I recently read Sir Richard Branson’s new book Screw Business as Usual. The book is about a form of capitalism based on the (old) concept of corporate social responsibility. Sir Richard takes it to a new level and calls it Capitalism 24902 (the circumference of the earth is 24,902 miles). This new model for business focuses on putting people and the planet first, and that giving away expertise and opportunity (not just money) to people/groups in need is good for business. In the book he quotes Wafic Saïd (a benefactor of the Saïd Business School at Oxford University) who says “The companies that focus most on profit are not necessarily the most profitable companies.”
The book prompted me to reflect on my experience with presentation design; specifically some of my consulting experiences and what my goals are for the future. I have been fortunate to have had a number of opportunities to work with other people on presentations, and many of the ones which stand out are the ones where I was able to donate my services. I have supported university students as they prepared their professional presentations, assisted a radiological technologist share her story of working in the multi-national medical unit in Afghanistan, and designed an informative/persuasive presentation for a cat rescue group seeking political support. These experiences are mutually beneficial; while it is helpful to the recipient(s) of the service, it also gives me a fresh perspective. Designing presentations outside of my regular sales/marketing world allows me to expand my creativity and develop my skills… which then in turn impacts my professional life.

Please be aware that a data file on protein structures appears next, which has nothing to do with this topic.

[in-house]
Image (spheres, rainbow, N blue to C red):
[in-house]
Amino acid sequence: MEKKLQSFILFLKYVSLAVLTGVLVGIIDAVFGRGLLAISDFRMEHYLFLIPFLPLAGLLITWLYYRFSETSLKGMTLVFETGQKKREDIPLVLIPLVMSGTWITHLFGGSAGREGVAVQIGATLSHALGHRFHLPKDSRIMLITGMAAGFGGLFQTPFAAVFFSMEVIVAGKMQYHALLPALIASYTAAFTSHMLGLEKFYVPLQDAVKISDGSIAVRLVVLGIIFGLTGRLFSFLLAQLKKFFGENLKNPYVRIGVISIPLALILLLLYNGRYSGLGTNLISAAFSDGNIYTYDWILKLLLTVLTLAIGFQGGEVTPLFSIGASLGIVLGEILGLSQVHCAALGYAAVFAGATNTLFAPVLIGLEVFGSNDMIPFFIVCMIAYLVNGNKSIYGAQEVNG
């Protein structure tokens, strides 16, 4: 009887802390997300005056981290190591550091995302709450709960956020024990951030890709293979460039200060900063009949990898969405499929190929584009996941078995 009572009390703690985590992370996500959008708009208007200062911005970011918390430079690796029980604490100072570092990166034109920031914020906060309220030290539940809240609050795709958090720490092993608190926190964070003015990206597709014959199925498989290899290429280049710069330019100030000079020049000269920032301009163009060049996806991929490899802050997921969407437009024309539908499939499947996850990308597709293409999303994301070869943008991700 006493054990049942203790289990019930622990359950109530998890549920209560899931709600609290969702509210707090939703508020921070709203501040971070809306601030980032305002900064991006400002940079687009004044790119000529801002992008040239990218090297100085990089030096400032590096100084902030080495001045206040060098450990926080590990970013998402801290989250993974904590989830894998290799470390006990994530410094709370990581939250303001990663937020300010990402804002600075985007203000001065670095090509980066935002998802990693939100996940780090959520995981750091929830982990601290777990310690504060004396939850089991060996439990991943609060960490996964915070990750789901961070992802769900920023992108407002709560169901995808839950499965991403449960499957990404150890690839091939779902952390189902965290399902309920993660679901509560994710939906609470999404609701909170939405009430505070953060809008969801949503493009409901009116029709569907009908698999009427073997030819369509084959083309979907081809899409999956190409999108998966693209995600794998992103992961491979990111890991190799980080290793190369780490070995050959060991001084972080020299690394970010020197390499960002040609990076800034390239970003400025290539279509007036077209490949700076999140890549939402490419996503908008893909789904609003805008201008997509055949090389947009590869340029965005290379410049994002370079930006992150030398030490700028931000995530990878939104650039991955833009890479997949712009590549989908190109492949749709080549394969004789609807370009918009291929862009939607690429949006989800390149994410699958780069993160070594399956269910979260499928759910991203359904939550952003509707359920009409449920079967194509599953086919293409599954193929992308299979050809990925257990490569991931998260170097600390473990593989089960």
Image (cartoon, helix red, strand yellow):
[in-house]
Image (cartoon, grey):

In addition to further developing your skills, volunteering and working with non-profit groups is also very rewarding on a personal level. I highly recommend sharing any expertise you have with a person or group(s) who can benefit from them. We all need to take Sir Richard’s advice and put people and the planet first. This is my first post of 2012; my goal (resolution) for this year is to offer my services in presentation design to as many non-profit groups/people as I can.
So if you know of someone who may need a little help with an upcoming “not for profit” presentation, keep me in mind.
Refuse to be boring